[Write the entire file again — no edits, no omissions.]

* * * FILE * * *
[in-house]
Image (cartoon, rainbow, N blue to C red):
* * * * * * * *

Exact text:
[in-house]
Image (cartoon, rainbow, N blue to C red):